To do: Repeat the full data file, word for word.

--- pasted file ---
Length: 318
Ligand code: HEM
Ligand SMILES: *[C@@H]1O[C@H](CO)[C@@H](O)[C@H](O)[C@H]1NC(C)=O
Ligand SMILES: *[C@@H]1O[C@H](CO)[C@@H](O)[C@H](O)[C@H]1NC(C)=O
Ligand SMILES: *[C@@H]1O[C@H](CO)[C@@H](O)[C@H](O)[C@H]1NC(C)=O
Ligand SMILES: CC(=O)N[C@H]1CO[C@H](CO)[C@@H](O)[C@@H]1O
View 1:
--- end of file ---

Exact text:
Length: 318
Ligand code: HEM
Ligand SMILES: *[C@@H]1O[C@H](CO)[C@@H](O)[C@H](O)[C@H]1NC(C)=O
Ligand SMILES: *[C@@H]1O[C@H](CO)[C@@H](O)[C@H](O)[C@H]1NC(C)=O
Ligand SMILES: *[C@@H]1O[C@H](CO)[C@@H](O)[C@H](O)[C@H]1NC(C)=O
Ligand SMILES: CC(=O)N[C@H]1CO[C@H](CO)[C@@H](O)[C@@H]1O
View 1: